Bulgaria’s foreign ministry yesterday (9 February) formally announced its nomination of UNESCO chief Irina Bokova for UN Secretary-General.
“The ministry of foreign affairs sent a letter, nominating Mrs Irina Georgieva Bokova for the post of Secretary-General of the United Nations,” the ministry said in a statement.
“Given her background and experience, Mrs Bokova may be one of the top candidates in the upcoming campaign for UN Secretary-General,” it added.
The UN’s next chief will take up their post on 1 January 2017, replacing Ban Ki-moon, who has held the job for two five-year terms.
Bulgaria’s Bokova, 63, was the first woman to head the UN’s culture body UNESCO, and the first leader from the ex-Soviet bloc when she was elected in 2009.
UNESCO’s admission of Palestine as a member in October 2011 spelled problems for Bokova, with the United States immediately suspending its funding of the UN body.
But the former foreign minister was reelected, and her second term is due to expire at the end of 2017.
“I know that I will win the UN vote,” Bokova has confidently told national television channel Nova.
There has been much speculation over whether the UN will finally get its first female leader, after the eight men who have led the world body since 1946.
A former Bulgarian ambassador to France and Monaco, Bokova has recently been criticised over her privileged upbringing in a prominent Communist family.
Bokova received an elite education abroad, first at the Moscow State Institute of International Relations, and later at the University of Maryland, and at Harvard, in the United States.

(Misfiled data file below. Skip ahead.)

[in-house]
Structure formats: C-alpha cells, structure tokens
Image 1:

After stints at the Bulgarian foreign ministry and its UN mission in New York, Bokova was elected a lawmaker for the Socialist Party after the fall of Communism in 1989.
Bokova was appointed deputy foreign minister to coordinate Bulgaria’s relations with the European Union between 1995 and 1997.
She briefly served as foreign minister from November 1996 to February 1997, when she led the country’s bid to join the EU.
Bokova speaks fluent English, French, Russian and Spanish, and is married with two children.
Eastern Europe’s turn
It is Eastern Europe’s turn to lead the world organisation. A strong candidate from this part of the world, especially a woman, would be well-placed to take the post.
According to reports, Slovenia nominated its former President, Danilo Turk; Croatia has nominated its former Minister of Foreign Affairs, Vesna Pusi?; Slovakia has nominated its Foreign Minister, Miroslav Laj?ák; and Portugal said it would nominate the UN High Commissioner for Refugees, António Guterres.